STEPHEN M. DANOS


Stephen M. Danos is a fourth year English major at the University of Iowa.
He has been published in JMWW: A Quarterly Journal for Writing and
Poetrybay. He was born in Providence, Rhode Island, moved to Upper
Montclair, New Jersey, and ended up in Naperville, Illinois.






Generations

When Steve said: 'weeds seem to be
the last natural entity in the suburbs,'

second, third, and fourth generations
of trees-from Osage orange to spinning

green helicopters pummeling windshields-
made themselves more noticeable, littering

as if fruits and nuts were no longer
extensions of their lifespan
like dead grass yellowed alongside

convicts picking up humility and Styrofoam.
All those trees took offense, and in

taking offense they defended
themselves with their fresh spring coats
as if to say they were protected in resistance.

Each growth screamed 'look at us, we belong
here!' Then Steve told me to call the landscapers,
to stop delving the purpose of weeds and focus on

a mother and daughter sticking their noses
in white blossoms as we drove by admiring.






The Empty Rhetoric in Your Advertisements

Each plug tells me to be something
different, to insert my power cord into another new way
of predetermined living, to labor and embrace leisure.
Days spent peddling my unborn children for blizzards
of ice cream, protection from 107 degree summer
heat. "The spirit of America calls from far corners."
In Nebraska, mammoth feed lots procure meats,
some genetically altered, just to ensure perpetual
satisfaction in civilians' dinner dishes. But when
I scan the vast land that's precisely what is seen.
I've already bought into the scheme. Once I dreamt
of fame and 'O! Fortuna' played as background-
fans cheered, jeering critics thanked
media markets. They've mediated every mark
to be earned, no matter the subject of study.
I mourn the end of clever ads. Now, actors smile
like patients at the orthodontist, foreign fingers
covered in latex pry apart cheeks from teeth. In childhood,
Like many other children I wanted to play god
At every likelihood. I picked out terrains to entertain
toy soldiers and superheroes, still wanting to live
an extraordinary existence simply
because no one truly can unless
they posses money or care nothing for it.
Once that boy, grown into his twenties, visits
Chicago's Art Institute purposefully for Lautrec's posters,
he'll overhear headphones hugging women's ears whose
necks are choked by pearls. The narrator restates
paragraphs on tablets that hang enormous on walls
as if to cater to all eye deficiencies save sightlessness
like The Noble Family's coat of arms hoisted, demanding allegiance.






An Early Present

"Santa Claus has lost a lot of weight.
and smells like the rotten celery buried
underneath lettuce heads and carrot
sticks secured in my vegetable crisper.
His sleigh must've been at the mechanic shop
because he graced our public bus. His spacecraft's shocks
were being enhanced due to awkward drop-offs on rooftops.
'I stopped buying into my so-called duty,' he winced. 'Kids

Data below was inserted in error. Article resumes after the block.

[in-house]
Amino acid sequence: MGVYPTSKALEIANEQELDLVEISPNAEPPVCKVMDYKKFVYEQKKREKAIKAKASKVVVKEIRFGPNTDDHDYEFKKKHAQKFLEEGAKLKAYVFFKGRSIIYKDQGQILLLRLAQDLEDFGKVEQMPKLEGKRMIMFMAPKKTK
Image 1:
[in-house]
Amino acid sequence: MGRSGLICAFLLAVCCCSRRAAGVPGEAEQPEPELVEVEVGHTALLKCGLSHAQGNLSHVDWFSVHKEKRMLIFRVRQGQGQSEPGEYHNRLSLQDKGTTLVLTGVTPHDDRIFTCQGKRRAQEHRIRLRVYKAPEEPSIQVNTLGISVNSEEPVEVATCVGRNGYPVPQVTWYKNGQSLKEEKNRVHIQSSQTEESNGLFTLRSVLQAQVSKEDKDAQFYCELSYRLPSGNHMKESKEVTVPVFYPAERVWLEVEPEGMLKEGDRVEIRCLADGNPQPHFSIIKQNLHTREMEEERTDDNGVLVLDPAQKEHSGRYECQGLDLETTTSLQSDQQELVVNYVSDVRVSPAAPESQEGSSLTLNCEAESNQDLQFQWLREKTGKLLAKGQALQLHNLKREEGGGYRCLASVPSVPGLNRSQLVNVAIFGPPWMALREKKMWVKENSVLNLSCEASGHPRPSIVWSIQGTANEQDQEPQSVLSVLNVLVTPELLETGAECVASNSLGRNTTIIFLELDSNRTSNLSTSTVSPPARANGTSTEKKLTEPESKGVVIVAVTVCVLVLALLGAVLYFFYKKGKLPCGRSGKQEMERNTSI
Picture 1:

are too spoiled for my blood, these days. Everyone
needs a holiday here and there,' he rummaged
through his dust-stained backpack. 'Are you
looking for this year's list?' His eyes wandered,
replying before any sound seeped
from his mouth. 'Let me let you in on a little secret,'
he leaned closer across the autobus aisle,
'there never was a list.' I believed him."






Where We Are

I

Satellite dish on sports night,
jellyfish robbed of crystal-clear wisps, flower
aimed away from rays. Receptors plugged in
carousers slamming digits down on
counters. Reverse
slingshot cocked, ready, to fire fleeting failures
into unknown dimensions spied by space stations.
invisible laser beam slices

flight paths, splitting geese Vs
into livid eyebrows-broken arrow.
Pair of pigeons flutters lazy-like on
neighboring perch, wanton of birch or baths,
settle rooftop's public space-
flatbed at truck-stop shipping
liquors, beers, fears, furniture
spurning, spun like a pinwheel.


II

I envy, in truth, your vineyard looting concealed in concrete gardens wedded to
brick. Words die like honeybees after sting, glinted salt water, lasting, stars of the sea.
Soon ants will march upon verandas, trampling careful weeds, scrounging scraps of
dumpster-quality cheeseburgers, pleased like a drifter thumbing across divided highways.
Fast on their mastered high-wire circus act. No escape to the north, a different war, raw
deal heeds leadership. First Kabul, then Beirut political rifts
flirting with hand-grenades.

Now, the rain peels off clouds, street sleepers flooded.
Tongue prods drops, a wand at dawn-finer than chocolate-water cascading down
toilets or canteens crammed with desert dust. Grassy gloss gestures toward tomorrow.
I envy the commodity, the free-flowing felicity and feng shui of nature's accommodation.
It's all double-talk. The cafe face harbors an armada of drunks,
oozing past the entrance sentries, their banter bouncing down alleyways.



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